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Read This Delicious Excerpt From T. Kingfisher’s What Feasts at Night

Feast your eyes on this new release. 

what feasts at night by t. kingfisher book cover
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  • Photo Credit: Pawel Czerwinski / Unsplash

As What Feasts at Night is a sequel, let’s recap: in What Moves the Dead, Alex Easton rushes to the aid of childhood friend Madeline Usher in the Ushers’ ancestral home, only to find a series of mysterious goings-on. They fight tooth and nail to uncover the secrets of Usher House before it consumes them all.

Enter What Feasts at Night: Alex returns for a horrifying new adventure, despite just wanting to rest and return to some sense of normalcy after the chaos recently ensued. 

But recuperation isn’t in the cards, and soon he finds himself racing off to a favor of Angus and Mrs. Potter. Journeying to their family hunting lodge in Gallacia, they arrive only to find its caretaker dead. Something about the estate doesn’t feel quite right, and it’s causing the villagers to whisper…and even though Alex knows that village gossip is just gossip, he also knows that something about their home, and their dreams, is terribly wrong.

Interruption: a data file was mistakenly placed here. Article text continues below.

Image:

Though a very recent release, the second installment in her House of Usher re-telling has already become a bestseller. If you’re looking for a book that will “put you at ease and make you want to crawl out of your skin at the same time,” this delightful enigma is your next must-read. Check out an excerpt of chapter one below. 

Read this chilling excerpt from What Feasts at Night below—then purchase your own copy of the book to keep reading! 




What Feasts at Night (Sworn Soldier Book 2)

By Kingfisher, T.

Chapter 1

A poet once wrote that the woods of Gallacia are as deep and dark as God’s sorrow, and while I am usually skeptical of poets, I feel this one may have been onto something. Certainly the stretch of my homeland that I found myself riding through was as deep and dark as something out of a fairy tale.